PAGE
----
I found this great content analysis tool online called Gobbledygook Grader. You copy text into it and it "evaluates your written content (press release, brochure copy, etc.) and checks for use of gobbledygook, jargon, cliches and over-used, hype-filled words."
I decided to drop in my last post to see what my Gobbledygook quotient was. I was bit nervous when I hit the go button, but I was pleasantly surprised when the report generated gave me a score of 100 out of 100 and told me, "This release contains 0 words that are considered gobbledygook (they're overused and lack specific meaning)."
So it has officially been validated that I don't write gobbledygook after all! The report does say that anyone who reads my blog needs to have at least a 12th grade education to understand what I've written, so this explains why I don't get much traffic at my site.
To get a fair sample, I ran another test with a different post and scored a 97 out of 100 because I used one gobbledygook word: resonate. But to make up for it, you only need to have an 11th grade education to understand the post.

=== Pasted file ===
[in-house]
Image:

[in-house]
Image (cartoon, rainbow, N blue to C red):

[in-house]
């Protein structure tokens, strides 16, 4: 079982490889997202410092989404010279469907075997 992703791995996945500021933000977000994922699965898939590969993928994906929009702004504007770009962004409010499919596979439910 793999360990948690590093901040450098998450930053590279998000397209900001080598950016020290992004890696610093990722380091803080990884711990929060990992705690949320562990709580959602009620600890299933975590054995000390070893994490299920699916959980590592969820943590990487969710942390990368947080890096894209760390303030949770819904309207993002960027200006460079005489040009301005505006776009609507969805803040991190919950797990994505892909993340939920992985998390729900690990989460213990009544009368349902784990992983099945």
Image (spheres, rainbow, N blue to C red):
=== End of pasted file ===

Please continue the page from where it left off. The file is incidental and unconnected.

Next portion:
Another cool feature of the Gobbledygook Grader is that it creates something called a "Word Cloud." A word cloud graphically depicts word use frequency by displaying key words from your text in font size that relates to the number of times the word is used. The theory is that words related to the theme of what you are writing about should be bigger than other words. I was pleased to see the the biggest word in my first word cloud was train (the post was about my daily commute on the train). The biggest word on the second word cloud was "humor." It was a post about my sense of humor.
I wish I had a badge to post on my blog now that certifies me Gobbledygook Free. But then people would probably misread it and assume I'm giving away free gobbledygook.
Communication is such a fragile thing.